Stacy Redd’s Dream

(Reprinted with Stacy’s permission)

I went to bed last night just so sad thinking about misogyny in the church. But I had the most amazing, redemptive dream. In my dream, it was General Conference but in just a stake center building. The GA’s were sitting in a pew, and the plan was that they would get up one at a time to speak. But a few active, nuanced and post-mo women had a plan. After the opening prayer and hymn, a little group of us stood up and went to to the front and formed a human chain to block the GA’s from coming up to the microphone.

This caused an uproar from the believing members in the congregation, many of whom came up to make us move, pushing us, trying to pry us apart, yelling at us, calling us apostate, but we took the beating with grace, and refused to concede. The prophet and apostles were astonished and were “commanding” us to disperse and take seats or leave. We refused. More women in the congregation joined us. They left their kids, husbands, friends, and parents and stood with the women at the front. It was so many people that finally Nelson asked, “Why are you doing this? What is it you want?” And we said, “We want to speak.” So the leaders took a seat, told the people pushing us to take a seat and told us we could speak.

So we did. One at a time, women talked to the entire membership of the church who were watching, in person, or broadcasted all over the world, that we demanded apologies for bishops who traumatized us as young women with their inappropriate questions, for the church silencing and punishing people who told “anti-Mormon lies,” which turned out to be Gospel Topics Essays, for their treatment of blacks, LGBTQ people, and women, for propagating the us vs. them rhetoric that makes no place for people who doubt and question or their family members, for claiming church policies and doctrines that hurt people are from God, making people think God wants them to hurt, for claiming they speak for God when they really just speak for themselves and the social and legal pressure they’re under at the time, and on and on we went.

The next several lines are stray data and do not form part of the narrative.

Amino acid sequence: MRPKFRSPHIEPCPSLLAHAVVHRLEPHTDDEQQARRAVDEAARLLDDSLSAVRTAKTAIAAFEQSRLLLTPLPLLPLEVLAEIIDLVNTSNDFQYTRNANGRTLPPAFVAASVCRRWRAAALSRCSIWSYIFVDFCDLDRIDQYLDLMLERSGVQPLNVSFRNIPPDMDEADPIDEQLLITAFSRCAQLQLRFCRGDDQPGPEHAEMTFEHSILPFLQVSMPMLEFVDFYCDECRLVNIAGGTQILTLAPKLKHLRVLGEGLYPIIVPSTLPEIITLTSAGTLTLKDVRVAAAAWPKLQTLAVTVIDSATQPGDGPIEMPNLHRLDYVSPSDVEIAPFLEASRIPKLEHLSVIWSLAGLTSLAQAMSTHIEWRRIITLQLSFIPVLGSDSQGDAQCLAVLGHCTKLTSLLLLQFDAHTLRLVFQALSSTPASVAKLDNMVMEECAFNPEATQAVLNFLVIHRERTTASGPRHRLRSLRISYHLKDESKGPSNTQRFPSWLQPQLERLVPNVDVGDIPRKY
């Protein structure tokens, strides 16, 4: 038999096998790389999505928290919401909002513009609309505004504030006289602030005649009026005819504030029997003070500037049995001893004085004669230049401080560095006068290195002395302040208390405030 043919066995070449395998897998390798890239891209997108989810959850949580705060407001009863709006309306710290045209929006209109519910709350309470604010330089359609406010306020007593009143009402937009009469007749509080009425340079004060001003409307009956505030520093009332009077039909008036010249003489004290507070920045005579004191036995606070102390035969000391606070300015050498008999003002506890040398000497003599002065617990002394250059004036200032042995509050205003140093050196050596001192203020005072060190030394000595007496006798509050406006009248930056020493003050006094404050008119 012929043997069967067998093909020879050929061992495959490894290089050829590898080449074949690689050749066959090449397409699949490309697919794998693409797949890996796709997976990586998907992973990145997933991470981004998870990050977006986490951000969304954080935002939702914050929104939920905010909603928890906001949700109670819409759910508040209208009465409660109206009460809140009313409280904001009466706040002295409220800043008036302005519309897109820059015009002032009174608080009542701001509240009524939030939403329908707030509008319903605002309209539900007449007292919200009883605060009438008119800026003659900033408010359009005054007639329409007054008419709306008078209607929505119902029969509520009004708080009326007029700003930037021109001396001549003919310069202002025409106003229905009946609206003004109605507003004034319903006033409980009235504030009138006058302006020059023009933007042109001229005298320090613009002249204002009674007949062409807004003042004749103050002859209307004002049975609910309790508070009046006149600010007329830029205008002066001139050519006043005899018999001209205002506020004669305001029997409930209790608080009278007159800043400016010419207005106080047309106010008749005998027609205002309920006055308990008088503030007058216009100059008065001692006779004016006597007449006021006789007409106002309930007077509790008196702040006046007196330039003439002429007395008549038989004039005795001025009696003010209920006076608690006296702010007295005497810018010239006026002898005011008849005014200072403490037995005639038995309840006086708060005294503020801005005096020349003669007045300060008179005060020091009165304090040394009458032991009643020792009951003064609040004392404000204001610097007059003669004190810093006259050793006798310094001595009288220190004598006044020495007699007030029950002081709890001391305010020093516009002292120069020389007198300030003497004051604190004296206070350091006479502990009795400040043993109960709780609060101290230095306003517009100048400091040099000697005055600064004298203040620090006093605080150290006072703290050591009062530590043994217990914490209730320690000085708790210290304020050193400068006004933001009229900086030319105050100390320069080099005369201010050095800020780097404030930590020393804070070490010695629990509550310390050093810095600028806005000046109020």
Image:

At one point, Bednar approached us and spoke, getting choked up, saying how he was moved by our plight and that the spirit was telling him this was important and needed to be sincerely acknowledged. Uchtdorf looked relieved. Oaks looked disgruntled. We were finally heard. We couldn’t be dismissed with letters of “go talk to your bishop.” We were all over the news. Deseret News’ headline: “Riot at General Conference.” MSNBC and others were more friendly: “Women Uprising at Mormon Worldwide Broadcast.”

I wonder what would have happened next if I’d stayed asleep? I want so deeply for us to be heard, for the church to apologize for its abuse but they gaslight and brush it off and ignore so much that I could imagine this being the only way we could actually confront them and make them say something in the moment. I’m so tired of being under the power of these men. I’m so tired of their manipulation and control and influence breaking people, breaking families. But I feel powerless. Maybe I have to just accept that.

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